Claimed for $16k and Sets a Track Record Just 28 Days Later

This is a great example of a young trainer schooled in the science of equine exercise physiology beginning to make a big name for himself, congratulations to Mr. Chris Crocker. I often get asked if I can recommend a US-based trainer on the East Coast who uses heart rate/GPS technology in his conditioning program – here is your man.

In a race taken off the turf, VA-bred Chedi sets one mile record on the sloppy main track at Colonial Downs in 1:34.79. Video here: http://www.bloodhorse.com/horse-racing/videos/race-replays/USA/CNL/2011/7/6/6/colonial-downs-race-6

Straight from this horse trainer’s mouth/blog:

“You must find your horse’s optimum cruising speed to fight high lactate levels, which results in muscular fatigue.” – So true, this is termed V200 on this blog. Training at this pace, which is different for each individual horse, greatly improves stamina in the presence of lactic acid. You can’t eyeball this speed, the important stuff is going on inside the horse and is objectively quantified by an onboard HR/GPS monitor. If you leave this up to the horse (especially a maiden), you are almost always going too fast.

“Train your horse’s muscles specifically to the distances they are running. The shorter the race distances, the more you work on 3f sprints to maximize the fast twitch muscles. You should sprint your horse more than once a week at 3f or less.” – Again, the ‘4F every 7 days’ approach may be fine for a huge stable, but the smaller guy can individualize workouts to maximize potential. Sprinters at 6F benefit greatly from short, frequent works. See a world-class Australian sprinter training a single furlong in 10sec: https://thoroedge.wordpress.com/2011/07/06/behind-the-scenes-of-the-unique-conditioning-of-a-top-turf-sprinter/

“The longer the race, the more 2 minute miles and cardiovascular fitness should be practiced. Weekly workouts of 5 furlongs are usually best mixed with long slow gallops and lots of jogging.” – Seattle Slew was famous for a daily half hour of jogging in the chute before completing his gallop/breeze work. You must not overlook these slow (boring) foundation miles in your horses competing at classic distances.

“Don’t waste your time or money on the latest fad in equine sports nutrition. Stick with what you know and what is backed by some sort of scientific research.” – https://thoroedge.wordpress.com/storm/

“Heart monitors can be used to determine peak performance as well as blood test to determine performance levels. This ensures peak performance health of your horse and readiness to race.” – Subjective opinion via traditional horsemanship is a vital component of conditioning success, but not to the exclusion of modern technology.

Chris Crocker best exemplifies the ThoroEdge motto: “Where the Art of Horsemanship Meets the Science of Equine Conditioning.”
Look for much more success from this young trainer and his charges in the near future.

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About bpressey

Equine Exercise Physiologist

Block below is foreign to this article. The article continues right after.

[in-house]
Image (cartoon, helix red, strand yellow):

Posted on July 25, 2011, in Uncategorized. Bookmark the permalink. 7 Comments.

  1. More information on Chris and the obstacles he has faced in his life: http://progress-index.com/sports/one-track-mind-1.1176344#axzz1TDopwM5r

  2. Years ago, I believe back in the 80’s a gentleman named Tom Ivors wrote a book called the Fit Racehorse” In it he advocated “Interval Training” and was of course vilified for his positions. Lost in the “horses can’t take this kind of hard training” attitude was Mr. Ivors insistence of using sicientific training as humans do. No Drugs! I remember his illustrations with the “jet fueled horse” No, he advocated the use of things like heart rate monitors, etc., proper feeding and of course monitoring of the lactose levels!

    Kudos Mr. Crocker!

  3. Amen, Amen, Amen. A very well known horseman told me one of the main reasons so many horses bleed and “require” lasix these days is because they are not fit – they do not have a foundation of long slow miles. Your $10 / head freelance gallop boy is not going to spend the necessary time on a horse to get it fit, they want a quick trip and off to make their next $10. It is not their fault – but I would not have a trainer who did not have salary excercise riders. It is worth the extra day rate.

  4. What is one definition of fitness? Crocker’s claimers often come back after a race (on Lasix) ready to resume speedwork in 4-5 days, vs. the typical 10-14 days required by most other US-trained thoroughbreds.

    • They did not even publish all the workouts . I actually worked Chedi a half in :50 and finished it in :36 three days before the 2 races and 3 days after the 6f and5f work on the turf. He worked 2x a week typicall 6f, then 4f. In additon to the workouts, there was a few 2 min licks, at a mile and one, 3 mile, gallop. The high heat index kept his LSD training down to a minimum this summer.

  5. 2nd in The Van Clief Stakes! on July 30th 2011. http://CrockerRacingStable.com

  1. Pingback: Dutrow Wins King’s Bishop on Short Rest with Claimer « ThoroEdge Equine Performance

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